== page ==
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The REALLY ANNOYING Don’t-Wanna-Subsidize-Wealthy-Kids’-College-Tuition Canard [With fun update!]

Hillary Clinton’s performance wasn’t as clean or as crisp as her last one. Among other things, she invoked 9/11 in order to dodge a question about her campaign donors. But she effectively made the case that, though Sanders speaks about important questions, his solutions are ultimately simplistic and hers are better. Instead of railing about breaking up the big banks, focus on identifying and moderating the biggest risks to the financial system. Instead of making college free for everyone, increase access to those who need it and decline to subsidize wealthy kids’ tuition.

Can anyone really imagine Bernie Sanders in the White House?, Stephen Stromberg, Washington Post, Nov. 15

Stromberg, a Washington Post editorial writer who also blogs there, is an all-but-official Clinton campaign mouthpiece who last month, in a blog post and (unforgivably) a Post editorial (i.e., commentary with no byline, published on behalf of the Post’s editorial board) baldly misrepresented what Clinton campaign spokesman Brian Fallon on Tuesday misrepresented about Sanders’ single-payer healthcare insurance plan, but from a different angle: Stromberg said that the cost of the single-payer plan would be in addition to the cost of healthcare now.  Actual healthcare, not just insurance premiums.

According to Stomberg and the Post’s editorial board then, hospitals, physicians and other healthcare provides would receive full payment from private insurers and also full payment from the government.  And employers, employees and individual-market policyholders would continue to pay premiums to private insurers while they also paid taxes to the federal government for single-payer—double-payer?—insurance.

A nice deal for some but not, let’s say, for others.  Also, a preposterous misrepresentation of Sanders’ plan.

Fast-forward a month and Stromberg, this time speaking only for himself (as far as I know; I don’t read all the Post’s editorials) and for the Clinton campaign, picks up on Clinton’s invocation of the horror of the public paying college tuition for Donald Trump’s kids.  But since he probably knows that Trump’s kids no more went to public colleges than did Clinton’s kid, he broadens it.

Instead of making college free for everyone, increase access to those who need it and decline to subsidize wealthy kids’ tuition.  Good line!  At least for the ears of voters who are unaware that public universities, like private ones, quietly skew their admissions processes to favor the kids of parents who likely can pay full tuition simply by switching the funds from a CD or other savings account into a checking account at the beginning of each semester, thus removing the need for the school to dig into its endowment fund to provide financial assistance.  Or to worry about whether the student will have that loan money ready at the beginning of each semester.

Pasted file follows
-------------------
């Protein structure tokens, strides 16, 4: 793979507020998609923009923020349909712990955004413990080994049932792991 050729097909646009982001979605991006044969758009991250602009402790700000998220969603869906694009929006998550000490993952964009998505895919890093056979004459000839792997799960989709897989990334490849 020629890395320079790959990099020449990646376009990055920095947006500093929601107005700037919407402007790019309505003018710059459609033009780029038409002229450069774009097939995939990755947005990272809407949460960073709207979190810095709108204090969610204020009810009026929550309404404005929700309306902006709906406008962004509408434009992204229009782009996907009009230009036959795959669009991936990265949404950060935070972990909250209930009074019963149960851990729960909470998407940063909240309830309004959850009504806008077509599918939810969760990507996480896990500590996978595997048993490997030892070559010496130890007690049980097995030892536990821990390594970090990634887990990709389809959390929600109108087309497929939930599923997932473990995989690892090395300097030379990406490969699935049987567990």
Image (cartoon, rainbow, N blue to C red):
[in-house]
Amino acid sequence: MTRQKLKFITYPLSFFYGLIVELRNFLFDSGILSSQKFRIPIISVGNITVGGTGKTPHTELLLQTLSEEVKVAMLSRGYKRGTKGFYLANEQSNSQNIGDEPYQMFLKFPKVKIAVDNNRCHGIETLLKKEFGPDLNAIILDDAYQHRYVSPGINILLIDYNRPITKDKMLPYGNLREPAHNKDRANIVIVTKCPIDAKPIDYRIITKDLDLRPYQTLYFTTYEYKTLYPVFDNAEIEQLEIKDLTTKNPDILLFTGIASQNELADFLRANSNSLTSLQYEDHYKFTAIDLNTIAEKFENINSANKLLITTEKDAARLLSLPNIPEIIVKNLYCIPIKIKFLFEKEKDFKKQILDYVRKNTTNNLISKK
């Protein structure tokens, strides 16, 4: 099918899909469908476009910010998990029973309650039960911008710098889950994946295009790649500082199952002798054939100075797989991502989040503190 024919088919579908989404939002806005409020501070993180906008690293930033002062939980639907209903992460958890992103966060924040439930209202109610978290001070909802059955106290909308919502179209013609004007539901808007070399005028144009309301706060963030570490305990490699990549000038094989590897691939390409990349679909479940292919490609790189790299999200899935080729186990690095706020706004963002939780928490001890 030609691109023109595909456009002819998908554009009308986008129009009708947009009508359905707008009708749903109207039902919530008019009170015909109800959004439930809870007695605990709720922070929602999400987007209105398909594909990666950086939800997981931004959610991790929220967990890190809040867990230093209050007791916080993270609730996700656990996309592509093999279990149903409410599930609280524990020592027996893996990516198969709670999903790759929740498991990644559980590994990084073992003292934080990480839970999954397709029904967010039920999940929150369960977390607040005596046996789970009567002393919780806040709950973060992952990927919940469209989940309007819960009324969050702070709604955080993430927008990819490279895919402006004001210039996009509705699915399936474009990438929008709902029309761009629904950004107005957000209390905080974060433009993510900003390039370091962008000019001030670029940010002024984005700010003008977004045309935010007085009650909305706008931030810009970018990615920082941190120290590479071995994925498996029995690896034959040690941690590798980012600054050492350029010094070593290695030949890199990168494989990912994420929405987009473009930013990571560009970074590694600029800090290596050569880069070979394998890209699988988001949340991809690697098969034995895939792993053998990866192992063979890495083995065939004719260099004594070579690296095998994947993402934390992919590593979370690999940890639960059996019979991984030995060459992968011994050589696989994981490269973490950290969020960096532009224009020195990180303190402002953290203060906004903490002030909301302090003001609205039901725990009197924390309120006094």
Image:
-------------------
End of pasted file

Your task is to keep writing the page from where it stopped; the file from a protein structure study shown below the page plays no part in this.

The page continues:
Which is why Jennifer Gratz, salutatorian at her working-class Detroit suburb’s high school, whose extracurriculars included cheerleading but probably not a summer in Honduras assisting the poor, was denied admission to the University of Michigan back in 1995.  And why she sued the University in what eventually became a landmark Supreme Court case challenging the constitutionality under the equal protection clause of UM’s affirmative action program.

She did not challenge the constitutionality of the U’s almost-certain, but unstated, admissions policy that would ensure that the freshman class had a substantial percentage of students from families wealthy enough to pay the full tuition.

Y’know, the ones wealthy enough to pay for SAT tutoring, SAT practice course and if necessary more than one SAT exam.

What especially angers me about this let’s-not-subsidize-wealthy-kids’-college-canard is that it uses disparities in ability to pay the tuition as a clever way to ensure the admissions status quo.  Or something close to the status quo.

In her and her campaign spokesman’s statements in the last several days—most notably her “Read My Lips; No New Taxes on the Middle Class, Even $1.35/wk to Pay for Family and Medical Leave” declaration, but other statements too—she’s overtly declaring herself a triangulator.  And some progressive political pundits are noticing it.  Yes!*  They!**  Are!***  And Sanders needs to start quoting these articles, in speaking and in web and television ads.

I said here yesterday that Clinton is running a Republican-style campaign.  But it’s not only its style–its tactics–that are Republican. Watch her edge ever closer on substance as well.  Which is the way she began her campaign last spring and early summer, until it became clear that Sanders’ campaign was catching on.

——

*Hillary Clinton Attacks Bernie Sanders’ Progressive Agenda: Why is she talking like a Republican?, Jonathan Cohn, Senior National Correspondent, Huffington Post, Nov. 17

**Hillary Clinton Hits Bernie Sanders on Taxes, Paul Waldman, Washington Post, Nov. 17

***Under attack at the Democratic debate, Hillary Clinton plays EVERY POSSIBLE CARD, Alexandra Petri, The Washington Post, Nov. 14

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Edited for clarity, typo-correction–and the addition of the last sentence.  11/19 at 8:23 pm.  [Oh, dear.  That’s addition, not edition. Can’t seem to avoid the typos.  I need an editor!]  Corrected 11/20 at 9:52 a.m, after Naked Capitalism linked to the post.  Damn!  

Oh, well.

FUN UPDATE: Yves Smith was kind enough to republish this post on Naked Capital this morning, and there are a few terrific comments to it there.  But I can’t resist reprinting this one, from rusti, as an update the post here at AB:

rusti November 20, 2015 at 5:07 am

We can’t, in good conscience, continue to pay for public works projects knowing that The Donald’s kids are driving on these roads, getting their electrical power from these lines, sourcing water from the same pipes and so forth. A few (moderate) tax rebates to impoverished families to allow them to build out their own infrastructure ought to do the trick.

Perfect.  Question to self, though: Why didn’t YOU think of that, Beverly??

Added 11/20 at 10:18 a.m.